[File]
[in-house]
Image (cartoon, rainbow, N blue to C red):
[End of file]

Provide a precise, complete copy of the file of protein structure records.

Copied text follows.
[in-house]
Image (cartoon, rainbow, N blue to C red):